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Knock Me Your Lobes

By Richard Sheaff

The Incomparable Jim Flora

Artist and commercial illustrator Jim Flora (1914-1998) had one of the most wildly imaginative twentieth-century minds. I started collecting his record album covers decades ago when finding these obscure items was a matter of haunting the record bins at every thrift store I could find. Great fun, and what a thrill to find a new one for 50¢! Nowadays, appreciation for Flora is widespread, and any interested reader can readily find a veritable plethora of Flora websites. Available are books, merchandise, limited edition prints, all sorts of things. The album covers are regularly offered on eBay.

Nowadays, there are art gallery shows of his work. Because of Flora’s talent, it is all wonderful.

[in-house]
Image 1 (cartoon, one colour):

Jim started his career at record companies in the 1940s, and over time designed album covers in every vinyl format: 78 rpm, 33 1/3 rpm, 45 rpm, singles, EP (extended play), LP (long playing) albums, mono, stereo, 7-inch, 10-inch, 12-inch. He did album design and other commercial projects from the 1940s through the 1970s. Much of his work was jazz-oriented . . . which makes perfect sense given the visual jazz his mind created.

Flora heavily influenced many modern illustrators, notably Michael Bartalos and Tim Biskup.

A number of years ago, Flora enthusiast Irwin Chusid—who had created the first Flora-dedicated website—connected with the Flora family after Jim’s death and began to unearth a treasure trove of previously unknown Flora pieces. Many of these works are now available, as merchandise and prints.

Here, to whet the appetite, are but a few Flora wonders . . .

A self-portrait . . .